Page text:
2. SevenSixOne*

          Me either… ESPECIALLY when your real name isn’t tied to it.

          If someone’s an ass while they’re officially representing the company, or if they’re an ass on Facebook using their real name, then go ahead and name and shame. But I think it’s so, so creepy when people doxx anonymous personal accounts, whatever their reason.

          1. my two cents*

            but this wasn’t anonymous – it’s a top google hit when you search their real name. Dude didn’t even try to obscure it.

            So…in the same theme, I can post whatever I like to my own facebook. I will only make public what I am comfortable with strangers knowing about me – no pics of family, no pics with alcohol, etc.

            There used to be a semi-automatic way to post comments ‘via fb login’ on articles or news posts. This, however, would often also include whatever city you’re living in or who your employer was if you had either item set to ‘public’. I didn’t think anything of it, until you’d see the trolling comments stacking up trying to round the anti-whatever lackeys to bring their pitchforks about an individual, calling out their employers and other information.

            1. Blue Anne*

              That really bit me once! My employer found my comments on a post geared towards getting a job at a particular company, because I’d used FB login! I’m still kicking myself.

              They admitted to me that they had found it because they had been googling specifically to see if they could find information about me job-hunting, though. Still not sure how I feel about that.

                1. my two cents*

                  Well, and the other danger there is that whatever article is very recent AND includes your full name, so it’d be at the top of the search.

                  Though, they didn’t haaaave to point it out to you. Makes it slightly (only slightly) less weird that they were at least forthcoming about it.

                2. Blue Anne*

                  It actually wasn’t. They knew I’d outgrown the company, and I had dyed my polychromatic hair back to brown. Dead giveaway that I was interviewing elsewhere!

                  My boss was lovely and thought it was great that I was moving into a more challenging job, but boy was I embarrassed.

          2. Green*

            There are two kinds of doxxing though: there’s hacking/swatting/posting phone numbers and there’s “basic google” because someone used the same handle on Twitter that they use on other social media with their name attached. I have no problem with the latter, in which you are attaching someone’s name (and thus the consequences, social or professional) with their statements. The former is much creepier.

        3. Temperance*

          When you’re announcing in a public forum that you have animosity towards gay people (which is EXACTLY what using a sexuality-based slur is doing), it’s fair game. If you said that out loud at a bar, the people nearby would judge you as being a lowlife scum and maybe punch you in the face or whatever. Putting it on the internet, using your real name, invites you to reap the consequences of being a hateful jerkass loser. Which includes people choosing not to associate with you, and your company choosing not to allow you to be their public face.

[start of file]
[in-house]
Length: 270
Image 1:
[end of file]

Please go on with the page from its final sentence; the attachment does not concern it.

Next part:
1. Countess Boochie Flagrante*

            I’ve heard so many (probably apocryphal, but still) stories going back forever about how some guy was being a jerk to the cashier and then it turns out his boss was standing behind him and fired him on the spot… not that I think those are actually true, but it’s worth pointing out that holding people responsible for what they do in their off hours is not a new phenomenon, and those stories have always been told with relish.

          2. Elizabeth the Ginger*

            Yup. If I overheard my dentist at a bar using loud homophobic language, he wouldn’t be my dentist anymore. It doesn’t matter that he wasn’t at his office or that he didn’t know any of his patients could hear him.

            I don’t have to agree with him on everything – if I overheard him saying he’s going to vote for [candidate I am definitely not going to vote for], then I would still be fine with him caring for my teeth. But hate speech crosses a line for me.

        4. Dynamic Beige*

          It’s not that you are always representing your company… it’s that what you do in your private time is no longer really private, unless you take steps to ensure that it is.

          You can stand on the street corner and rage about how X, Y and Z are bad and anyone who does those things is going straight to Hell… and no one at your company is going to know or care. Until someone records you and puts it up on the internet. You can get drunk off your ass at home and no one will find out until someone takes a picture or video of you and puts it on the internet. You can be as much of a bigot/homophobe/misogynist/misandrist/whatever as much as you like… but if you publish that on the internet under your own true name, someone is going to find it and you’ll have no one to blame but yourself for putting it there. You can be rude to people on the subway, wait staff, whoever, but you don’t know who is going to record it or will make a post about how little you tipped them later.